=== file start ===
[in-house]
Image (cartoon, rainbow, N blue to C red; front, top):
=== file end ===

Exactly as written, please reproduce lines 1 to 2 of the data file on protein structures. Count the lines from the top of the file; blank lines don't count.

[in-house]
Image (cartoon, rainbow, N blue to C red; front, top):